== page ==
2.5 out of 5 (Fairly Good)
'The Woman In Black'-Cliched, obvious and loud
Satyen K. Bordoloi Fri, 17 Feb 2012
Horror films, unlike science fiction are not supposed to be confined by logic in their illogicality, and are easier to make. Have a spooky story, get some spooky location, have a ugly looking ghost, many creaky doors, loud eerie noises, wind blowing out candles foreshadowing the malevolent ghost and a character - preferably a dog - who can see the ghost like daylight while the audience can only have glimpses.
Sadly, exactly these cliches that make up the fabric of "The Woman In Black".
A young barrister (Radcliffe), who had lost his wife during childbirth, is asked to go to a remote village to finish the paperwork for the sale of a house. He seems to be unwelcome in the village. And before he realizes there's a creepy thing living in the house he is trying to sell, children start dying and he is blamed for this.
If you are the type of person who gets scared by the slightest noises, this is your film. It is so laden with every cliches of horror movie that you are in safe territory. But it is exactly the reason why the discerning viewer will dislike the film.
For the greatest strength of a horror film is its ability to surprise you, even if it is by a new twist to the same old trick. But if the scare-tricks have been used in the same manner over and over again previously, there isn't much left to either surprise you, and since you know where the scare is coming from, to really scare you.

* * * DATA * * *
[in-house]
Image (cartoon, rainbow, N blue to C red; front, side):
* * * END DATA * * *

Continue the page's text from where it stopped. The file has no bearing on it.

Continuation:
What you thus have is a run-of-the mill film which gets its scene and sound correct, but messes up everything else.
Thus the main problem of the film is that it has problems too many. It's more like an ensemble of scenes that are meant to scare you and which come one after the other, at one point close to 15 minutes pass without a word being uttered on screen. The story is like the ghost in the film, somewhere there but not visible and which irritates more than it excites.
And everyone knows the reason why this film will attract global attention. Yet, Daniel Radcliffe fresh from playing a teenager in Harry Porter, tries unsuccessfully to both look like a 30 something man and one who is scared of the ghost. Obviously, now that he is all grown up and has to make his own choices, he needs to be careful about what he chooses to do.
Based on a book of the same name by Susan Hill, the story has been successfully adapted into almost every other format possible - stage play, radio and television. The film version could definitely have gone where others before have not.
Thus in the annals of scary cinema if you were to ask, "horror horror in the hall (of fame), who's the scariest of them all," be assured that even 'The Men In Black' will score over this lone woman.
Critic: Satyen K. Bordoloi
2.5 out of 5 (Fairly Good)